Furthermore, if an investor determines they would like to move beyond broad market products and instead use a greater number of passive investments in a portfolio by targeting specific market capitalizations, styles, factors, regions, etc., they will significantly increase the number of choices that are available. Consider broad small-cap equity products – even after making the decision to invest in small-cap stocks separately from a broad market equity product, there are still more choices. For instance, the definition of “small-cap” is different across index providers including Russell (Russell 2000 Index), S&P (S&P 600 Index) and CRSP (CRSP U.S. Small Cap Index), to name a few. Depending on the index chosen, an investor can wind up with very different exposures and very different results, especially over short- to intermediate-term timeframes. The issue with using more products in a portfolio is that an increased number of options may also increase the possibility that the final, total portfolio is not constructed in an optimal fashion.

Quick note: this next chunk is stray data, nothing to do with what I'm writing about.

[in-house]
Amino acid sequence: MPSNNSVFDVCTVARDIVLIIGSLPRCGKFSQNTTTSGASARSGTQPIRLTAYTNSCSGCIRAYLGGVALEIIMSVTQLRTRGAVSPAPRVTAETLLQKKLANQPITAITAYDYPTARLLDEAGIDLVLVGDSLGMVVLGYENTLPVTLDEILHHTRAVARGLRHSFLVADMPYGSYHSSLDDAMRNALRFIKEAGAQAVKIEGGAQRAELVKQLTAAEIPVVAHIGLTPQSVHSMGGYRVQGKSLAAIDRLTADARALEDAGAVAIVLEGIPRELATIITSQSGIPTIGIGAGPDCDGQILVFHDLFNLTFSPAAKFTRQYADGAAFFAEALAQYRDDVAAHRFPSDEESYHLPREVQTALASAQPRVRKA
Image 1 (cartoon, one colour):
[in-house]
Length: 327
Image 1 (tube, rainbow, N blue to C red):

What is passive investing?
So far, I have only discussed “passive” as it relates to individual investment products. Passive investing refers to how the investor manages the combination of all individual products at the total portfolio level. This is the point where I believe the “active vs. passive” debate has not provided investors with enough information.
In instances where an investor has hired a financial professional, the investor needs to determine whether or not the strategy implemented by that individual is “active” or “passive.” Understanding how your advisor manages your portfolio is just as important, or more so, as understanding the types of individual investments chosen for your portfolio. But, before I dive into this topic more, some background on my views of passive investing (also referred to as a “passive strategy” in the remainder of this post).